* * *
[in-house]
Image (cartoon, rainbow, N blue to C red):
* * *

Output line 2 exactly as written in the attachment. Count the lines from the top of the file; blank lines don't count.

Image (cartoon, rainbow, N blue to C red):